Have a lovely weekend! I might work on my new screenplay for the Marseille Melon Massacre.

Wednesday, April 15, 2015

Brain Oysters and Frozen Whale!

Since we looked at the wonders of cooking electrically last week, this week we will consider another kitchen marvel made possible by electricity:

Hazel Meyer's The Complete Book of Home Freezing (copyright 1953, but I have the 1964 revised edition) gives proud home freezer owners ideas about what to do with their appliances, with a budget-minded (probably farming) audience clearly in mind.

There are a LOT of recipes for variety meats. Want oysters? Well, farmers are unlikely to have access (or enough funds) for fresh seafood, but here's a suggestion:

Enjoy some lovely brain oysters. (If you're curious about the pre-cooking on page 172, the book suggests washing and simmering the brains for 20 minutes in water with a tablespoon of vinegar and a teaspoon of salt per quart. Just be sure to "avoid any [brains] which contain blood clots.") (Shiver!)

Need a romantic yet down-on-the farm dinner? How about this:

Buttermilk Hearts! (That title sounds like the name of a very unpopular Valentine's day candy...) Alternatively, if you want to sweet-talk your dinner companion, try this:

Tongue with Cherries! It's one of those meat/dessert combos that I love so much...

My favorite element of this book is the line drawings, though. The chapter on the history of freezing has this fanciful speculation about the origins of the practice:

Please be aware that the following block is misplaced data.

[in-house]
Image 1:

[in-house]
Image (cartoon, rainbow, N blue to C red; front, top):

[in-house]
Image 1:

Who could resist Astor Brand Frozen Whale, especially in the family size packages?

The book also has stern warnings to make sure readers will use their home freezers the right way:

Wrap It Right ... or You'll Regret It! The pig being wrapped here will personally see to it that you will be more careful with the wrapping next time... if there is a next time.

While a few animals seem happy to be eaten ...

(Don't feel bad, black sheep! The obedient white ones will not be so happy once they get to know their new home.)

...many of them seem to know what's up, and they do NOT appreciate being treated like, well, meat!

Yes, the piggies made it to heaven, but the one in the middle didn't want to arrive quite so soon!

And this deer is not interested in helping the hunter figure out whether he will fit in the freezer.

Finally, since I love Texas Chainsaw Massacre so much, this deer seems a good deal more impatient (and less terrified) than Pam did when she was in a similar position....

Happy Cookbook Wednesday, everyone! Now stay out of your freezers. (Or at least wrap yourself correctly before you climb in. If you don't, you'll regret it.)

Thanks to Marjie of Modern Day Ozzie and Harriet for hosting!

Saturday, April 11, 2015

Send your cookies packing

Since commenters asked about the "Book of Cookies" cook-booklet in the 1958 Good Housekeeping's Cook Books collection, I looked through it to see if there were any seriously disgusting cookies.

Sorry, but I didn't see anything surprisingly awful. There were cookies with fillings I'd find less than delectable (Prunes! Mincemeat!), but they were still well within the realms of normal cookie-hood.